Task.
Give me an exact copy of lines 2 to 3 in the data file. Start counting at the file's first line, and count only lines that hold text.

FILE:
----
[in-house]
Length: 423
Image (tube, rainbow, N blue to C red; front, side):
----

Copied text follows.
Length: 423
Image (tube, rainbow, N blue to C red; front, side):